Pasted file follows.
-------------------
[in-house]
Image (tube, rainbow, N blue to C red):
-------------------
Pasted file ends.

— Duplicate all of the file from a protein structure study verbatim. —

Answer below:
[in-house]
Image (tube, rainbow, N blue to C red):